How to Freeze Brussels Sprouts
Brussels sprouts bring more than taste to the table. This cabbage cousin boasts vitamins and is high in protein, so you'll want to make your locally-grown Brussels sprouts last. Learn the two ways to freeze Brussels sprouts and ways to include this frozen super veggie on your table.
Steps to Freezing Cabbage
Want to enjoy the nutrition offered by cabbage all year? This unsung hero of the vegatable garden adapts well to the freezing process. Start with dense, solid heads that feel weighty for their size. Learn more about the steps to freezing cabbage in this article from Julie A. Martens.
Freeze Celery for Soups
Celery is mostly water, and the freezing process ruptures cell walls, resulting in a limp, mushy product. But frozen celery works fabulously in casseroles, sauces, stock, and other hot concoctions. You can also use it as an aromatic with soups, broths for cooking rice, or roasts, tossing after cooking. Learn the steps to freezing celery in this article.
Overstocked on Mushrooms?
Mushrooms might last about a week in the refrigerator, which might not be enough time to enjoy the bounty you may have grown or foraged. Consider freezing mushrooms. Learn which method of freezing mushrooms works best, and get some ideas for how to use them in recipes.
Freezing green onions doesn’t require blanching. Just slice off the roots and leaf tips, wash and dry well, chop, and freeze. It’s really that simple. Most cooks prefer to freeze the tops and bases separately. Think about the way you’ll use the frozen product before making your own decision.
Green onions adapt well to flash freezing. Place the chopped portions on a parchment-lined tray, pop it in the freezer, and when frozen, stash the onions in freezer containers or bags. Chopped green onion tops freeze in as little as 15 minutes this way and thaw even quicker, so work fast to get them into the final container. For easy end-use, place flash-frozen scallions in plastic drink bottles, like water or juice containers, to create a scallion shaker dispenser.
To skip flash freezing, chop green onions and tuck into snack size bags, arranging in a thin layer. To use, break off a piece of the frozen layer. To freeze green onion tops, bundle them together into a “cigar” that fits snugly in the base of a freezer bag. Roll up the bag tightly, securing the ends with rubber bands or binder clips. To use, pull the scallion cigar from the bag and slice off what you need. Re-freeze the remainder.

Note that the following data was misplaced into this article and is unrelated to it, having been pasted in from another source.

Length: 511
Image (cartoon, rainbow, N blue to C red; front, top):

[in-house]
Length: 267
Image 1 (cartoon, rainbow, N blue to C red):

Some cooks like to freeze green onions in muffin tins or ice cube trays. Covering with water is optional. After the onions freeze solid, pop the chunks into freezer bags. To use these onion cubes, toss as many as you need into your dish. They’ll thaw as they cook.
You can also sautee green onions—bulbs and leaves—in olive oil before freezing. For a more flavorful option, sautée onions, celery, parsley, and garlic, then puree in a food processor. Freeze the mixture in ice cube trays and add to mashed potatoes, rice dishes, and browned ground meat.
No matter how you freeze green onions, be sure to seal them in a container that won’t allow onion odor to escape and flavor your freezer—and everything in it. Double and even triple bag green onions stored in freezer bags. Use raw green onions within a few weeks for best flavor; use cooked ones within a few months.
- How to Freeze Green Beans
- How to Freeze Corn
- Freezing Zucchini: A Great Way to Chill Out
- How to Freeze Broccoli
- How to Freeze Okra
- Can You Freeze Mushrooms?
- Freezing Eggplant
- Can You Freeze Celery?
- Freezing Onions
- Freezing Cabbage